seen for several decades.
    However Colin, this is such an unusual choice I could not resist chipping in.
    Firstly I was not aware that this film had been released on DVD, so thanks for that Colin.
    Your review has made sure that this is one to track down despite being a 4×3 presentation.
    (Why do British DVD imprints keep doing this?)
    Why has this film been on the missing list for so long, well I understand that it was one of those
    Pennebaker Productions where the rights are in question. The most famous Pennebaker
    film in p.d. hell is of course ONE EYED JACKS.
    There is another interesting Ireland set thriller made around the same time also unreleased
    on DVD A TERRIBLE BEAUTY (aka THE NIGHT FIGHTERS) (1960) starring Robert Mitchum
    and Richard Harris directed by Tay Garnett. Film also stars the always watchable Dan O Herlihy
    a most interesting actor.
    One thing leads to another……….while we are talking Mitchum how come THE ANGRY HILLS
    co starring Stanley Baker is on the missing list.Film was directed by Robert Aldrich.
    While we are talking Aldrich how come TEN SECONDS TO HELL has not had a DVD release starring Jeff Chandler and Jack Palance. I could go on and on but enough already!
    Finally and even more off topic.if thats possible and speaking of Tay Garnett; Colin were
    you aware CATTLE KING has just been released by Llamentol in Spain.
    Its a Robert Taylor Western that might be of interest to you.
    I must say that Taylor does a lot more for the film than the film does for him.
    Its a flawed film to be sure with some really clunky plot developments but I still kinda like it;
    Taylor’s strong screen presence makes all the difference.


    • John, it sure makes a change for me to be talking about movies that are new to you. 🙂
      These rights issues can be a royal pain, and help deprive us of too many interesting pictures. Of the Mitchum films you mention I’d love to see A Terrible Beauty/The Night Fighters – what a cast!

      I did notice Cattle King is out in Spain – being a big fan of Taylor’s westerns, I’ll probably pick it up sooner or later. I also see The Man with a Cloak has just come out, and I’ve ordered both The Mask of Dimitrios and The Stand at Apache River.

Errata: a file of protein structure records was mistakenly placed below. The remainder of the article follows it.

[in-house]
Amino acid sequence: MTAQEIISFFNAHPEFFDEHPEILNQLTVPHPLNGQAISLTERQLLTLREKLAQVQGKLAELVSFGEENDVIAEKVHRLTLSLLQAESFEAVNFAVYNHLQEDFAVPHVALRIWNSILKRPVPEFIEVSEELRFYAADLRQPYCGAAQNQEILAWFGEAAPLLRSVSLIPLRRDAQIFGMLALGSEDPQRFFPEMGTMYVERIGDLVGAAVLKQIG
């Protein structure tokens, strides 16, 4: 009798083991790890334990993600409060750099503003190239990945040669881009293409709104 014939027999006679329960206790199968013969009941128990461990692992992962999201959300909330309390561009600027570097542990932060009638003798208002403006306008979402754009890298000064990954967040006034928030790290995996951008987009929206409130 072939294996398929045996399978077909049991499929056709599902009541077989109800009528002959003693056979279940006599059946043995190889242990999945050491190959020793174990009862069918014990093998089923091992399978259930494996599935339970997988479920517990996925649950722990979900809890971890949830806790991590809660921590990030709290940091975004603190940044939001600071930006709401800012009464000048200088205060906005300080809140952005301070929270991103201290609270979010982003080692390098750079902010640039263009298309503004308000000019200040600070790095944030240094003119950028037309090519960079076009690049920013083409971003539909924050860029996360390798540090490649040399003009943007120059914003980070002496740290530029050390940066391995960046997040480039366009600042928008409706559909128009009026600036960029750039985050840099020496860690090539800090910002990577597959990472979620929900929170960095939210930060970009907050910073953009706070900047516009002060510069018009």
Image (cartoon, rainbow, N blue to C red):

• CATTLE KING may not be so great but it does have one of the great opening lines, when bad guy Richard Devon proclaims “Let’s get this range war started!” So it’s worth a lot just for that. Also, it’s Tay Garnett’s last film. He’s definitely an interesting director. I’ve seen THE NIGHT FIGHTERS–one of his better ones. And re Aldrich, TEN SECONDS TO HELL is a very interesting movie too, probably more than THE ANGRY HILLS though neither one is negligible, even if Aldrich was at the time a little bit adrift after his great 1954-1956 period.

      I enjoyed reading about SHAKE HANDS WITH THE DEVIL, which I don’t remember well now. This piece made me interested to see it again sometime. Great cast, and I know I love at least one film by Michael Anderson. Of course it’s THE QUILLER MEMORANDUM with that beautiful script by Harold Pinter, and beautifully directed by Anderson too, the only one of all those mid-60s bleak spy movies that really holds up. I’ll be keen to read your piece on that when you write it, Colin.


      • As I said to John, I intend to get Cattle King at some point. And let’s keep our fingers crossed some of those other titles show up.

        I will do a piece on The Quiller Memorandum for sure but I’ll leave it for a bit of time. I’m actually on a bit of an espionage kick at the moment; having just reread Deighton’s Berlin Game, I’ve made a start on Mexico Set and will follow that up with London Match. I read the whole trilogy of Samson trilogies years ago but thought I’d give the first three a go again.


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  8. This movie is so dark, it’s rather hard to watch. Now, I’ll have to read the novel, because these comments about it are intriguing. Cagney is really good here. I like “White Heat” for it’s “over the topness” and Cagney is perfect as a psycho gangster – but he is a gangster and the viewer knows his mental problems from the beginning, so his insanity is not so surprising.
    But Lenihan is actually more believable, a person wouldn’t know just how fearsome this supposedly benevolent doctor and teacher really is as he embraces terrorism. He’s downright scary.
    Colin, I’ve mentioned it before in comments, but I look forward to the day you have a chance to see Cagney in “Tribute to a Bad Man”, where he is a cruel man who loves his horses.


    • I do remember your recommendation of Tribute to a Bad Man and I hope to catch up with the film as soon as I can.

      I agree too that the way the extent of Cagney’s ruthlessness is gradually revealed as we learn more about him adds a lot of power to this film.